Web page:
4.         Minority Ownership.  Speaking of the Third Circuit, minority ownership has played a large part in its prior reversals.  However, the fact is that FCC policy in this area is circumscribed by the Supreme Court’s Adarand decision which subjected racial preferences to strict scrutiny review.  As I see it, the real problem in effecting greater minority ownership is access to capital.  With that in mind, the Commission recently and wisely relaxed its foreign investment standards.  The agency also might want to consider other initiatives such as minority incubators and a recommendation to Congress to enact a new tax certificate program.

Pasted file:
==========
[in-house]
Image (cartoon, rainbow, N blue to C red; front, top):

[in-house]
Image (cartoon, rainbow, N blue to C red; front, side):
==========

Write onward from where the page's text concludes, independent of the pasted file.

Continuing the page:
5.         Retransmission Consent.  In my view, retransmission consent is working primarily as Congress intended when the program was enacted in 1992.  Why?  Because both sides have something to gain:  MVPDS want broadcast programming and broadcasters want additional coverage.  So deals have gotten done (literally, thousands of them) with few, and generally brief, service interruptions.  While rising program costs are a concern for the MVPD industry and the public at large, retrans fees are a relatively smaller part of this equation, especially compared to sports programming.  The FCC’s authority to alter the retransmission consent environment appears to be limited, but there is an important related issue:  the definition of MVPD and, in particular, whether that term should include Internet (or over-the-top) video providers which, of course, would involve them in the retransmission consent context.  The FCC issued a Public Notice on this matter in March 2012, following a 2010 program access complaint by Sky Angel against Discovery Communications.  The whole issue may play out in the courts or Congress but the FCC may want to consider the definition of an MVPD in a broader proceeding.